Eric Mindich, a former Wall Street wunderkind who was the youngest person ever to make partner at Goldman Sachs, plans to close his $7 billion Eton Park hedge fund, according to a letter to investors.
He founded the firm 13 years ago after working for Goldman, where he became partner at age 27 in 1994.
Eton Park Capital Management's fund fell 10 percent last year, while the S&P 500 rose 12 percent with much of the gain coming after Republican Donald Trump was elected president on a pro-business agenda.
The firm sent out the letter, which was obtained by The New York Times, after notifying employees earlier Thursday of the decision to shut down.
"Recently, a combination of industry headwinds, a difficult market environment and, importantly, our own disappointing 2016 results have challenged our ability to continue to maintain the scale and scope we believe necessary to pursue our investment program consistent with our founding principles," Mindich wrote in the letter. "As responsible stewards of your capital, we have been unwilling to compromise on the business model and investment program in which you invested or the way in which we have pursued it."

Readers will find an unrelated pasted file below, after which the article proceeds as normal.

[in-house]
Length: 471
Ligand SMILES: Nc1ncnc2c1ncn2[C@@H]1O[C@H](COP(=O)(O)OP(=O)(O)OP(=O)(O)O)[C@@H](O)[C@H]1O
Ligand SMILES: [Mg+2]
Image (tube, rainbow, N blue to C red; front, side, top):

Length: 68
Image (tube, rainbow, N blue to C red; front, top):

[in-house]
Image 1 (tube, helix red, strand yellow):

The closure is the second one in the past six months for a hedge fund founded by a Goldman alumnus. Richard Perry in September shut down his main fund after almost 30 years.
In 2013, Eton Park rolled back its complicated lock-up period for most investors by more than a third. Investors were allowed to withdraw cash in 21 months, down from a three-year lock-up period.
The fund lost 11 percent in 2011, after subpar performance in 2009 and 2010. It gained 22 percent in 2013.
Eton Park returned 9.4 percent annually on average.
That sparked an investor rush toward the exits, according to the New York Post.
Hedge fund closures last year reached 1,057, the most since the 2008 financial crisis, according to Hedge Fund Research Inc.
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